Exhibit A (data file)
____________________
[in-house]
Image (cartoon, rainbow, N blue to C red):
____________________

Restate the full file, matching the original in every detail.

[in-house]
Image (cartoon, rainbow, N blue to C red):